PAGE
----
Fedora Sendmail

Sendmail – LetsEncrypt and verify=OK

How To Configure LetsEncrypt and Sendmail Properly

This documentation pulls from a form post on FreeBSD from user Kuli.

LetsEncrypt certificates aren’t listed in the main distributed ca-bundle.crt. The confCACERTand confCACERT_PATH configurations are two independent configurations that don’t really have anything to do with each other. When verifying certificates, it looks in the confCACERT_PATH for individual hashed files of root certificates. The confCACERTwill be configured with the intermediary LetsEncrypt chain.pem. Sendmail will then be happy to verify=OK the certificates. Do note that, it appears the majority of mail servers are using certificates that can’t be verified. So you will see a lot of NO. It’s better than FAIL. The script works with Fedora and probably any variant of Linux. Your experience may vary.

2021 Update!

I have discovered a much better way to generate the hashed ca files! I really struggled with the shell script. I have only tested this with Fedora 33, though I suspect it should work on other distributions.

Sendmail Configuration

define(CERT_DIR',/etc/letsencrypt/live/<your site>')

Create the CACERT_PATH files

2021 New Easy Way:

#p11-kit extract --format=openssl-directory --filter=ca-anchors --overwrite /usr/local/etc/ssl/ROOT/

Old Kinda Broken Shell Script Way:

#Separate the root cert into files each with only one cert and name hashed

mkdir -p $DESTDIR
rm -f *
cat $RCert | sed -E '/^(Certificate:|SHA1 Fingerprint|#| |$)/d' | awk 'BEGIN {c=0;} /BEGIN TRUS/{c++} { print > "cert." c ".pem"}'

for a in ls $DESTDIR
    mv $a openssl x509 -hash -noout < $a.0

Fedora Music Other

Icecast Now Playing WordPress Widget Script

Before moving to WordPress from BlogEngineDotNet I had a widget that made a call to a specially created Icecast XSL file to display the current playing track title in a Widget.  This worked great, but it was static and wouldn’t update if the track changed.  Migrating to WordPress, I wanted to achieve the same track playing information but up the game with it updating to display new track information.  The latest Icecast server has built in metadata report in JSON format now so I wanted to use this over parsing an XSL file. This took me roughly about a day and a half to complete, mostly due to nearly all examples of parsing JSON with Javascript do not work and I know little Javascript. Here is an overview of the process invovled.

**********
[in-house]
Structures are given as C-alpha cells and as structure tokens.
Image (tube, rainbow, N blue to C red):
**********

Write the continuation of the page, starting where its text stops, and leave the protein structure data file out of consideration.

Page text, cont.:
• Configure Icecast headers and SSL certificates
  • Insert Javascript in headers.php
  • Insert HTML in Widget for display
Configure Icecast

You can skip this part if you are not using SSL. Also note Apache and Icecast are running on the same server. Since my site defaults to SSL (https) I have to configure Icecast for SSL.

The first step is to create the proper SSL certificate file format that Icecast uses. It requires a Public/Private keypair file. I used my Let’s Encrypt certificates and concatenated them together into one file.

cd /usr/share/icecast
cat /etc/letsencrypt/live/ > icecast.pem
cat /etc/letsencrypt/live/ >> icecast.pem
chown icecast.icecast icecast.pem
chmod go-r icecast.pem

Now to edit the /etc/icecast.xml configuration file to enable an SSL port and point to the icecast.pem file. Create a second listen-socket container with a different port and enable SSL. Insert http-headers container before paths container for access control (this gives permission for the javascript to access the JSON data).  Put the ssl-certificate path setting within the existing paths container.


    <header name="Access-Control-Allow-Origin" value="*" />

Save the icecast.xml file. Enable the new port in the firewall.

firewall-cmd --permanent --add-port=8002/tcp
firewall-cmd --reload

Restart Icecast, which will now be listening on an SSL port.

systemctl restart icecast.service

You can view Icecast error log file /var/log/icecast/error.log to see if the SSL certificate loaded properly.  You should see something similar to this.

[2016-03-11  15:41:45] INFO connection/get_ssl_certificate SSL certificate found at /usr/share/icecast/icecast.pem
[2016-03-11  15:41:45] INFO connection/get_ssl_certificate SSL using ciphers ECDHE-RSA-AES128-GCM-SHA256:ECDHE-ECDSA-AES128-GCM-SHA2
Configure WordPress

Now it is time to configure WordPress.  Below is the Javascript that I hacked together to pull the Icecast metadata from the data feed in JSON format. This is WordPress modified Javascript and will not work outside WordPress.  Place this Javascript in the HEAD section of your themes headers.php.

<script type="text/javascript">
function radioTitle() {
        url: "",
        //force to handle it as text
        dataType: "text",
        async: true,
        success: function(data) {
        //data downloaded so we call parseJSON function 
        //and pass downloaded data
        var json = jQuery.parseJSON(data);
        //now json variable contains data in json format
        //let's display a few items
        // this is the element we're updating that will hold the track title
        // this is the element we're updating that will hold the listeners count

        setTimeout(function(){radioTitle();}, 2000);
        // we're going to update our html elements / player every 15 seconds
        setInterval(function(){radioTitle();}, 15000); 



Add the HTML to the widget so the information will be displayed.

Listeners: <span id="listeners">00</span></br>
Current track: <span id="track-title">LIVE</span>

That’s all there is to it. There could possibly be a better way or function to do this.

I used this blog entry as a base for figuring this out;